In addition to comparing rates, also look at fees, repayment terms, and other fine-print items that could affect you. This part of the process can take time, but it can save you hundreds, if not thousands, of dollars if you do it right.
3. Consider a secured loan
Consolidation loans are typically unsecured, which means they don’t require collateral like a car loan or a mortgage. If you’re having a hard time getting approved for an unsecured consolidation loan — or you can’t find one with a decent interest rate — it may be worth considering a secured loan.
Secured loans require some form of collateral, such as a vehicle, home or another type of asset. The collateral usually has to be worth enough to cover the loan amount if you default. Because of this, it’s typically easier to get approved for a secured loan than an unsecured one, and you may even qualify for a better interest rate.
4. Ask someone to co-sign
If you have a close friend or family member with stellar credit, you could improve your chances of getting approved and at a lower rate by getting them to apply with you.
This is because co-signers effectively agree to take over payments if you stop paying, and since they have a history of using credit responsibly, the lender views the loan as less of a risk overall.
That said, defaulting on a co-signed loan could cause problems with your relationship with your co-signer. So if you’re going to go this route, make paying off the new loan a top priority.
5. Wait and improve your credit
If you’ve tried everything and can’t find a loan that can help you save money, it may be best to wait a while until you can establish a better credit score.
Specifically, make it a goal to pay your monthly debts on time every month. If you have any past-due accounts, get them current as quickly as possible. Also, work to pay down credit card balances to lower your credit utilization rate. This can help boost your credit score.
Finally, get a copy of your credit reports and check to see if there’s any erroneous or unfair information listed. If there is, you can file a dispute with the three credit reporting agencies.
Building your credit can take time, but as long as you’re actively working to pay down your debt in the meantime, it can save you money in the long run.
What to do if your situation is dire
If you’re overwhelmed with debt and aren’t sure if a debt consolidation loan for bad credit is going to do the trick, it may be worth exploring some other options. Credit counseling, debt settlement and bankruptcy aren’t ideal, but they may be your ticket to getting relief.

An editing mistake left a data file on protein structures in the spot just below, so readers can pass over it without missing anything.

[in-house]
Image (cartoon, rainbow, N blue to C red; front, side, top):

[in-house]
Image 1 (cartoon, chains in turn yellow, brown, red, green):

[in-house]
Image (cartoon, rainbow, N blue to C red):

Credit counseling agencies can help you by acting as a middleman between you and your creditors. A credit counselor can set up a debt management plan, which typically lasts three to five years.
During this time, you pay one lump sum to the agency each month, plus a small fee, and your credit counselor will divvy up the payments amongst your creditors. The best part is that credit counseling agencies typically have contracts with creditors with lower interest rates than what you may be currently paying.
So this process can help you work with your creditors and score a lower interest rate along the way. If you’re thinking about working with a credit counselor, make sure you work with a non-profit agency. You can find one in your area through the National Foundation for Credit Counseling or the Financial Counseling Association of America.
That said, going through this process typically results in a notation on your credit report that you’re on a debt management plan. When you apply for credit again in the future, a lender may see that and decide not to lend you money because of it.
The caveat is that you typically need to pay enough into an account with the debt settlement company before they start negotiations with your creditors — often at the expense of making your regular monthly payments, forcing you to default. If this happens, it could severely damage your credit score, after which can take a long time to rebuild.
Also, debt settlement companies typically charge fees, and they can’t guarantee that they can settle for you.
If you’re experiencing financial hardship and even debt settlement doesn’t sound possible, bankruptcy may be your only option. Depending on the type of bankruptcy you file, you may need to liquidate some of your assets to pay off some or all of your debts or get on a payment plan.
Either way, bankruptcy can have a significant negative impact on your credit score, and it can be difficult to get approved for credit for a while afterward. But it can also provide you a way out of your current situation, which may be more important at the moment.
If you’re considering bankruptcy, consult with a bankruptcy attorney to get advice about your best path forward.
Make paying off your debt a priority
Regardless of how you get rid of your debt, it’s important to have a plan for accomplishing your goal. It can be discouraging if you can’t find a good consolidation loan or you’re faced with the prospect of debt settlement or bankruptcy. But don’t let that discouragement paralyze you.
Take the time to decide which path is best for you, then don’t waste any time taking it. It may be a painful process, but it’ll be worth it in the end.